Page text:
Riger (1993) differentiates between various types of power: power from (suggesting the power to thwart oppressive forces), power over (suggesting the power over resources), and power to (suggesting the power to act more freely). Riger further explains that many interventions enhance one’s sense of empowerment by focusing on power to but fail to address power over or power from. This model may also fall short of addressing a fourth power: power within. In the case of connectedness within learning communities, communion with other women can build a sense of efficacy (power within) insulating a woman (any person) from some debilitating effects of external forces (power from) and enhance her command of course material and knowledge (power over); this in turn, empowers the woman to gain a sense of control over her own life and provide support to others (power to). More specifically, Evelyn, through a communion with other women, found confidence in herself and the determination to succeed (power within). Ultimately it was this power, that emanating from within, that allowed her to resist the debilitating stressors from her family’s discouragement (power from), master her coursework (power over), and provide support to other students by tutoring and influencing others through leadership roles in student organizations (power to).
Within an individualistic culture, independence and control are valued above connectedness and interdependence. Riger asserts that community psychology’s emphasis on empowerment maintains this culture and underscores the concept of control over connectedness. However, it could be argued that, for many, particularly those who have been disempowered, connectedness is necessary for any sense of control. Further, instrumental (“doing”) behavior or agency—often associated with male relationships--, and communal (“feeling”) behavior—often associated with female relationships--, may function in tandem, rather than the dichotomy often assumed. When women feel connected, they become empowered to do. Within a communion with others, they can gain a greater control over their own lives.
The concepts of empowerment and sense of community both consider the individual’s perspective, but require an appreciation of settings to fully understand the constructs deeper and more complex meanings. Developing interventions may seem more straightforward in settings of political or organizational injustice, but seem quite evasive when the adverse factors are less tangible. Despite significant progress in the women’s movement, socialized gender roles remain entrenched in our culture. Women have gained considerable presence in the workforce, yet they too often remain as primary caregivers, raising the pressure for them to thrive in multiple realms. The coercive force present in such situations are not that of a perceptible oppressor, but rather more invisible and structural constraints derived from social roles and expectations. The injustice resides in the surrounding environment, peaking out in the form of micro-aggressions and unfortunately portions of the oppressive expectations become internalized in the women themselves. This exceptional pressure can lead many women to doubt their self-efficacy, feel isolated, lose their sense of control—in effect, become disempowered. Together, when they gather with each other as a unified force, women can find strength and inspiration in one another, recognize their own power within, and thus become empowered to achieve mastery over the course of their own lives. As in Evelyn’s case, the external stressors do not necessarily change, but the solidarity within the community provides a rejuvenating power to persist by first generating the power within. Evelyn did not need a hand out, or even a hand up, she just needed a hand.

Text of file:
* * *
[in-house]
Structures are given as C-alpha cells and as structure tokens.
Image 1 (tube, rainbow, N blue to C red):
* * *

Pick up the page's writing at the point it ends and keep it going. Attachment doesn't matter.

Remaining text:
Bailey, T., Calcagno, J. C., Jenkins, D., Leinbach, T., & Kienzl, G. (2006). Is student right-to-know all you should know?: An analysis of community college graduation rates. Research in Higher Education, 47(5), 491-519.
Carbonaro, W., Ellison, B. J., & Covay, E. (2011). Gender inequalities in the college pipeline. Social Science Research, 40(1), 120-135.
McMillan, D. & Chavis, D. (1986). Sense of community: a definition and theory. Journal of Community Psychology, 14(1), 6-23.
Rappaport, J. (1987). Terms of empowerment/exemplars of prevention: toward a theory for community psychology. American Journal of Community Psychology, 15(2), 121-142.
Riger, S. (1993). What’s wrong with empowerment. American Journal of Community Psychology, 21(3), 279-292.
U.S. Department of Education, National Center for Education Statistics. (2014). The Condition of Education 2014. Retrieved from http://nces.ed.gov/fastfacts/display.asp?id=40